Court says violating your work's computer policy isn't a crime

Checking Facebook at your office PC won't land you in a US prison.

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Court says violating your work's computer policy isn't a crime
Your employers might shake their fists when you check Facebook at work, but they can't have you sent to prison for it. A US appeals court has ruled that breaking corporate computer policies isn't against the law all by itself -- you have to commit a specific crime to get in trouble. Prosecutors had tried to argue that an NYPD officer was violating the Computer Fraud and Abuse Act by looking up people for non-police purposes (which violates policy), but the court thought this was an overly broad interpretation. If that's illegal, the court says, "millions of ordinary computer users" would also be breaking the law.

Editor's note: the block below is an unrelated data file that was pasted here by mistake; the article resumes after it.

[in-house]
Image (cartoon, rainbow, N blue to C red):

The ruling also has important ramifications for free speech online. The officer was entertaining a cannibalism fetish, but the court rejected notions that his database lookups and forum posts were tantamount to a conspiracy to eat people. Just toying with a fantasy isn't criminal, according to the ruling. In other words, your internet activity is only a problem if there's a clear and serious intent to do something wrong.

[Image credit: Getty Images]

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